Cycling Myths That Are Actually Kind of True: You Can Spot Tone

Have you looked at a cyclist’s legs? Strong, chiseled quads and calves are the hallmark of the sport.

    Photo: Ant Clausen/Shutterstock

Everyone tells you that spot toning isn’t possible, likely because of all the folks flopping up and down on the floor trying to whittle away their middle. But have you looked at a cyclist’s legs? Strong, chiseled quads and calves are the hallmark of the sport. Heck, the New York Times even did a feature on how competitive riders can’t find pants that fit because of their small waists and powerful thighs and glutes. The reality is this: Cyclists turn the pedals about 90 revolutions per minute—that’s 5,400 times an hour—using their quads and glutes to do the work. All that spinning also sheds fat—from all over. The end result is rock solid sculpted legs with the signature bulge over the knee.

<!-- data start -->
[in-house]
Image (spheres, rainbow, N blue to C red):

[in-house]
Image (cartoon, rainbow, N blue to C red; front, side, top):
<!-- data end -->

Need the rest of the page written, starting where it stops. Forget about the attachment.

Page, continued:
To maximize cycling’s toning potential, head to the hills. Fighting gravity forces you to push down on the pedals with all your might, which triggers the same physiological adaptations and muscle building as resistance training. Full throttle sprints—hammering as hard as you can for 30 seconds and recovering for a minute (repeating 10 times) will also fry fat and build lean muscle for great legs.

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